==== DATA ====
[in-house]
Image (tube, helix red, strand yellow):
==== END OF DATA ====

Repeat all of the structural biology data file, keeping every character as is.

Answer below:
[in-house]
Image (tube, helix red, strand yellow):